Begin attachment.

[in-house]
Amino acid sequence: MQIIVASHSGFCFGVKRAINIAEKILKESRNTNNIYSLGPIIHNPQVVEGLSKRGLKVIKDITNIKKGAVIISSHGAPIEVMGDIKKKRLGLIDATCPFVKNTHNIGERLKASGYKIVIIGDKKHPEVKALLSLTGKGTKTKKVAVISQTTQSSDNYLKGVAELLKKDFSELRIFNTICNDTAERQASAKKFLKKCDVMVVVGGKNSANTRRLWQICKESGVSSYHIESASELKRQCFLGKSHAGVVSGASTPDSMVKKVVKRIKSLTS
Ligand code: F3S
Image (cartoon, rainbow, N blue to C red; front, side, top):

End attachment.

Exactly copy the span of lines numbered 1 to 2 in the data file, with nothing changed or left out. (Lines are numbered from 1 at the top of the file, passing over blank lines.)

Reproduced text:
[in-house]
Amino acid sequence: MQIIVASHSGFCFGVKRAINIAEKILKESRNTNNIYSLGPIIHNPQVVEGLSKRGLKVIKDITNIKKGAVIISSHGAPIEVMGDIKKKRLGLIDATCPFVKNTHNIGERLKASGYKIVIIGDKKHPEVKALLSLTGKGTKTKKVAVISQTTQSSDNYLKGVAELLKKDFSELRIFNTICNDTAERQASAKKFLKKCDVMVVVGGKNSANTRRLWQICKESGVSSYHIESASELKRQCFLGKSHAGVVSGASTPDSMVKKVVKRIKSLTS